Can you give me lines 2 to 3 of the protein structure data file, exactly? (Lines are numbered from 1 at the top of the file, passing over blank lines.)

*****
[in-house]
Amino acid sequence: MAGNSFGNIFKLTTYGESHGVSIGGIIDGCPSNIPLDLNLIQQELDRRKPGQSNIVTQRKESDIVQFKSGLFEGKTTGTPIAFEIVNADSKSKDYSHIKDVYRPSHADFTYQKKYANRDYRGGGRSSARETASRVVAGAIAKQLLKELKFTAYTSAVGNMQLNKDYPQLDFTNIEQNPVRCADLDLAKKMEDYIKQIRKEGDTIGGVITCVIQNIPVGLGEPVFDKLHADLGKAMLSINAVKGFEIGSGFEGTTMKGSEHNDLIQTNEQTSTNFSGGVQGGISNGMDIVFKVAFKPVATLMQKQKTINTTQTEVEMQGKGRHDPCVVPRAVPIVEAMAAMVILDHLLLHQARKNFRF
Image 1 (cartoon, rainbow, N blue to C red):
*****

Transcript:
Amino acid sequence: MAGNSFGNIFKLTTYGESHGVSIGGIIDGCPSNIPLDLNLIQQELDRRKPGQSNIVTQRKESDIVQFKSGLFEGKTTGTPIAFEIVNADSKSKDYSHIKDVYRPSHADFTYQKKYANRDYRGGGRSSARETASRVVAGAIAKQLLKELKFTAYTSAVGNMQLNKDYPQLDFTNIEQNPVRCADLDLAKKMEDYIKQIRKEGDTIGGVITCVIQNIPVGLGEPVFDKLHADLGKAMLSINAVKGFEIGSGFEGTTMKGSEHNDLIQTNEQTSTNFSGGVQGGISNGMDIVFKVAFKPVATLMQKQKTINTTQTEVEMQGKGRHDPCVVPRAVPIVEAMAAMVILDHLLLHQARKNFRF
Image 1 (cartoon, rainbow, N blue to C red):